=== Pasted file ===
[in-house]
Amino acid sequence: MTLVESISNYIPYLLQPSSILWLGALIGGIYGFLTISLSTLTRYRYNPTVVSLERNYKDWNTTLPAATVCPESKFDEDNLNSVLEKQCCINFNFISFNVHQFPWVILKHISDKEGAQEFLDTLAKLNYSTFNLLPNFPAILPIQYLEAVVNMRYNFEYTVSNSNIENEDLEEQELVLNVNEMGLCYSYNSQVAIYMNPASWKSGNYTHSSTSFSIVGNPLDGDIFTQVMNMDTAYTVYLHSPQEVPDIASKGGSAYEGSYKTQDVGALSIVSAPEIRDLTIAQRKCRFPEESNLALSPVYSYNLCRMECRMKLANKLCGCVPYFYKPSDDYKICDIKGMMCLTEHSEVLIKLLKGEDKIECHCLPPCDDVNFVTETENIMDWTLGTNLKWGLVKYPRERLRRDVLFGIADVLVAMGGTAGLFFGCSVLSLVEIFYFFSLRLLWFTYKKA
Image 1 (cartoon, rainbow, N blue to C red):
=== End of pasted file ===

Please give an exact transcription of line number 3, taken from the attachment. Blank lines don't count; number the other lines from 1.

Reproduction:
Image 1 (cartoon, rainbow, N blue to C red):